Robert Abela’s programme in two words

There’s a rule of thumb that distinguishes a democratically healthy government from a decadent one. The first behaves accountably. The decadent government, when challenged over its outrageous behaviour, responds, “Why not?”

Decent governments recognise the need to explain themselves. Decadent ones cross the limits and defy anyone to show them where it says they can’t.

Why not companies in Panama? Why not target Daphne Caruana Galizia? Why not rape the environment? Why not go to Vegas with a businessman you’re regulating? Why not keep the terminal benefits given to disgraced politicians secret?

Robert Abela’s Labour has yet to publish its electoral programme, but its actions, in practice, can be distilled to two words: “Why not?”

Blatant contradiction is no barrier. The Caruana Galizia public inquiry recommends, among other things, that journalism is recognised in the Constitution as the fourth pillar of democracy. Abela says he accepts the public inquiry report. Even Labour’s own 2021 document, 100 Ideas, exalts journalism as the fourth pillar.

When it’s action time, Abela’s government refuses to recognise journalism’s value in the Constitution. Instead, it has drafted a law that opens the door to legal action against journalists if their persistent investigations can be construed as “cyber-bullying” and harassment. Why not?

Abela boasts of wanting to offer the best healthcare and technology that’s available. Then, when multi-million-euro medical technology for cancer treatment needs to be bought, there are machinations to buy inferior technology at €3 million more than necessary.

“The real loser in all this will be the patient,” a consultant told this website. Why not?

With Labourites who are disturbed by the rank corruption, Abela is positioning himself as someone who needs a second term to sweep the stables clean and undertake the necessary reforms. Really? With whose help?

Joseph Muscat is campaigning on behalf of some new candidates, as well as old. If elected, they will be beholden to him.

Then there are the people that Abela is directly promoting. He takes credit for getting a few of his disgraced ministers and MPs to resign. One of them is Rosianne Cutajar, slammed by the Commissioner for Public Standards. Yet Abela actively protected Cutajar from parliamentary sanctions. The dust had barely settled after her resignation in disgrace when she was appointed chair of the health parliamentary committee.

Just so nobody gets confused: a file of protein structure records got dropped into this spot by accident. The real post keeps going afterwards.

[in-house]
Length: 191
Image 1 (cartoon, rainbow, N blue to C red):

Abela is doing more to promote her chances of re-election. Cutajar was a speaker in Abela’s presence at a recent campaign event in Marsascala. He doesn’t even keep her at arm’s length.

Abela also takes credit for getting Justyne Caruana to resign — twice — although his government won’t tell us if she got paid her €30,000 terminal benefits twice as well.

You have to wonder how she feels about being forced to resign over a €15,000 contract issued to a special friend. After all, the tourism minister employed his girlfriend and then had her transferred to another ministry where it’s claimed she doesn’t show up for work.

And why not €15,000 if the deputy prime minister’s campaign manager can be given a public contract worth 11 times as much?

Then there are the politicians Abela has pointedly endorsed by having them co-opted into parliament — that is, handpicked by the Party he leads.

When Labour’s former deputy leader Chris Cardona resigned from parliament, we were expected to believe significant political change was being ushered in, but one of Abela’s handpicked co-opted MPs is Jonathan Attard, a former consultant and close aide to Cardona.

Then there is Andy Ellul, co-opted at the fag end of Parliament. The only significance of Ellul’s few weeks as MP was to signal to voters that Abela favoured him. Ellul is someone who used to flaunt his connections to Muscat and Konrad Mizzi.

Abela assures us of his credentials for environmental and democratic reform, yet in 2016 his chosen man, Ellul, was publicly extolling the United Arab Emirates as a model of governance and development. The Emirates: a corrupt human-rights violating autocracy.

And let’s not forget Abela’s sister-in-law, Alison Zerafa Civelli, a candidate on the second district competing with Glenn Bedingfield.

She made news for having parked a campaign trailer with her image plastered across it in various places. The trailer takes up five parking spaces and used to be left out overnight. In at least one place, it was parked on a double yellow line and outside the allocated box.

When Newsbook asked the police about this, they replied that the trailer had since been removed, but they didn’t reply on whether action will be taken.

I saw the trailer myself in Cospicua before Christmas. “Kelmtejn ma’ Alison”, it said — “A couple of words with Alison”. Those two words are, I suppose, “Why not?”



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2 years ago

Andy Ellul enjoyed plenty of direct orders from the Labour Government. Direct orders have become the norm under this corrupt Government

2 years ago

What kind of party, or rather entity, is the PL if it fails to present a proper programme for the next few years?
This can only mean that Muscat’s P-anama L-ooting programme will continue.

2 years ago

Considering how much the EU invests in Malta, how little actually arrives here, it seems that many Maltese are content with breadcrumbs and chicken feed while the cake is stolen from before their eyes.

Poor Malta.

joe tedesco
joe tedesco
2 years ago


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